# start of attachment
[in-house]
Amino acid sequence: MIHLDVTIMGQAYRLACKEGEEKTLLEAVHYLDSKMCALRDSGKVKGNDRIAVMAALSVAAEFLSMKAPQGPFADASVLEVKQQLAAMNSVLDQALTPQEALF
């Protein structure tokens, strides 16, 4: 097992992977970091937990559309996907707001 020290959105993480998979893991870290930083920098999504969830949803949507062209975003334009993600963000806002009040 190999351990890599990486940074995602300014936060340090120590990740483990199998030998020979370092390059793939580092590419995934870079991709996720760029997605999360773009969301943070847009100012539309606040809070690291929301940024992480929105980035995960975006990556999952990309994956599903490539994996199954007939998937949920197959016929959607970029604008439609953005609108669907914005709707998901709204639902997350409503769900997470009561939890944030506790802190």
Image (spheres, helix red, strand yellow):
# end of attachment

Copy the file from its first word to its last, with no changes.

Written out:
[in-house]
Amino acid sequence: MIHLDVTIMGQAYRLACKEGEEKTLLEAVHYLDSKMCALRDSGKVKGNDRIAVMAALSVAAEFLSMKAPQGPFADASVLEVKQQLAAMNSVLDQALTPQEALF
């Protein structure tokens, strides 16, 4: 097992992977970091937990559309996907707001 020290959105993480998979893991870290930083920098999504969830949803949507062209975003334009993600963000806002009040 190999351990890599990486940074995602300014936060340090120590990740483990199998030998020979370092390059793939580092590419995934870079991709996720760029997605999360773009969301943070847009100012539309606040809070690291929301940024992480929105980035995960975006990556999952990309994956599903490539994996199954007939998937949920197959016929959607970029604008439609953005609108669907914005709707998901709204639902997350409503769900997470009561939890944030506790802190």
Image (spheres, helix red, strand yellow):